New R.E.D. Block Seminar Encourages Creative Activism

New R.E.D. Block Seminar Encourages Creative Activism
By Sarah Morehead Pope, 2006
 
“Education is the most powerful weapon you can use to change the world.” – Nelson Mandela
 
I teach in the RPCS Leadership and Entrepreneurship Institute, with the task of equipping our students with the tools to innovate and create positive change. Offerings through our Leadership and Entrepreneurship Institute are designed not only to inspire students to want to make a difference, but also to consider what kind of difference they intend to make, and how they might begin to turn their ideas into realities. In the 10th and 11th grades, students work with the basic principles of leadership and entrepreneurship through multi-faceted R.E.D. (Reflect. Explore. Do.) Block Seminars they choose to take, including, for the first time this past fall, a course called Changemaking: Creative Activism + International Women’s Health.
 
This seminar came about when RPCS was approached by Jhpiego, an international, non-profit health organization affiliated with The Johns Hopkins University dedicated to improving the health of women and families, to see if we would be interested in piloting their Changemakers curriculum in our Leadership and Entrepreneurship Institute. Jhpiego’s Changemakers’ mission is to engage students in global women’s health issues and showcase proven methods for sustainability to holistically meet these challenges. Through a thoughtful, hands-on curriculum, Changemakers leverages individual interests and talents by empowering students with both the knowledge and tools to create actionable plans for social change.
 
Changemakers is the perfect fit for the Leadership and Entrepreneurship Institute at RPCS. It is aligned with our vision and belief that young women who build each other up will thrive. Over the course of the fall semester, students in this seminar gained a greater sense of issues related to women and girls within health systems – especially in developing regions around the world. Through exposure to stories that highlight the necessity of innovation and energy, the students became inspired to take action while learning the skills and tools needed to do so. Then, using Jhpiego’s efforts to make the world more equitable as a model, students took creative action to address the issues that felt most important to them.
 
The 10th graders in this seminar became creative activists, producing projects that address existing power structures and call for reform. Topics students chose to explore included maternal health, women’s empowerment, gender discrimination in healthcare, access to education, adolescent health, and disease prevention.
 
Three of the students’ project on female empowerment culminated in a podcast called Not All Queens Wear Crowns (available on Spotify and Apple Podcasts), in which they interviewed five different women from all aspects of life who are inspirational. “We were able to connect with amazing women and not only have great conversations about change-making, but also learn from their experiences. We learned a lot from these conversations and hope that we have also inspired some of our listeners as well,” said 10th graders Ryan G., Lanie L. and Taite S.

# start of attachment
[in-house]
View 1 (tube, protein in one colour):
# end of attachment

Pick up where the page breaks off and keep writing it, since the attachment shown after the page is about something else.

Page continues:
“I learned a lot from this class, and enjoyed taking a deeper look into women’s health and activism,” said sophomore Maggie W., who researched issues about advocacy and women’s health and created a web site detailing Serena Williams’ story of giving birth and the complications she faced when delivering her daughter a few years ago.
 
 

Sketch note from Makenzie P. and Blessing D.’s project on adolescent health.

Makenzie P. and Blessing D. created an insightful presentation titled “Factors That Influence Adolescent Health,” with a focus on teenage pregnancies. “We were able to research and explore how different teenagers around the world are impacted by possibly being uneducated about matters involving their health,” Makenzie and Blessing said. “We really enjoyed getting to learn so much about this topic and hope that our project can enlighten others about it as well.”
 
Additional student projects included insightful presentations and creative public service announcements about gender discrimination and disease prevention, including COVID-19.
 
At RPCS we believe that leadership is a process of engagement that moves people toward awareness, compassion, and action to ultimately impact the world for the better. My students and I loved piloting Changemakers this fall and I am pleased to be able to offer the seminar again in the fall of 2021. The RPCS Leadership and Entrepreneurship Institute is thrilled to be partnered with Jhpiego in this important work and to be able to give our students a global platform for their creative activism.
 
 
 
About Sarah Morehead Pope, 2006
Sarah Pope teaches in the Leadership and Entrepreneurship Institute at RPCS. This school year, in addition to piloting the Changemakers curriculum with 10th grade students, Sarah is co-advising the school’s student-run Philanthropic Literacy Board, and hosting Power Lunch, a new investing and networking program for students in grades 9-12. She also serves as an 11th grade advisor and is the faculty sponsor for RPCS’s Community Service Organization. For the past five years Sarah has served as a mentor for the Baltimore Girls Schools Leadership Coalition.